Why do I use Mac? I have a lot of problems with my Macs but it‘s still less than I had with my Windows computers and to be honest, software wise the Mac just gets my work done well. I am also heavily invested in Mac software by this time.

What Mac should you buy? Actually every new Mac is good enough for everything but the biggest jobs. I am considering getting a new MacBook Air soon as my day to day writing machine and image processor on the go. They are just gorgeous and super light. I need 256GB of storage, I have all my images on separate hard drives. 8GB of RAM is a must have and not enough for big jobs but fine for everything else.

What software to use? I am using Lightroom 4 (130 €) to import files from the cameras and to make basic adjustments like exposure, white balance, noise reduction, lens corrections, highlight and shadow correction and very important, to apply film emulsions from VSCO.



Those are plug-ins available for Lightroom or Photoshop separately (look left on the image above). I chose the Lightroom version becasue this way you can apply the looks to a lot of images at once before sending them to Photoshop. I bought all three available Film Packs 01, 02 and 03, they cost around 100 dollars each. After applying all those settings to the RAWs I send them to Photoshop CS6 (800 € regularly and 200-300 € for students or teachers). Photoshop is my most used program but you actually don‘t need it necessarily, Lightroom is sufficient, too, Photoshop just has one million more options. When you prepare images for different purposes and resize to different sizes Photoshop actually becomes your time saver. I use Photoshop to apply special curves to the images, desaturate, resize most of the time. In contrast to most other photographers I pass on using layers mostly. Somehow I just found I don‘t need them, I work on the files directly. Sounds totally weird to some, but maybe it fits my style of photography. I don‘t manipulate images too much, instead I rely on getting a great shot first and then apply “minimal“ post processing.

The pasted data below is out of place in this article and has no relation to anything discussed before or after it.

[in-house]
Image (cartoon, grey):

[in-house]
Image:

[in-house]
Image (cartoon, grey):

When I‘m finished with Photoshop I am finished with the job ;-)

Update: Adobe today announced Lightroom 5. I will tell you about the advantages and disadvantage of Adobe's new Cloud solution soon. There's a big problem with working on files offline, when you're not subscribed to the Creative Cloud anymore. So Adobe literally forces you to subscribe for the rest of your life. Lightroom 4 is still offline, anyway, so you may buy it instead as long as you can.

Update: Apple released new Haswell MacBook Airs today. Battery life is supposed to be nothing short of amazing with my top recommended 13" MacBook Air lasting 12 hours! That's so cool and fits right with my plans to add a new Air to my setup for mobile computing. Actually I need a new computer soon as my second machine just broke entirely last week. I also need one for my two and a half month trip from October through Russia, Central Asia, China and Southeast Asia. It's also cool that Apple lowered prices by 100 € making a 128GB 13" available for 1.099 € already, pretty good ...

Alright, more next time ...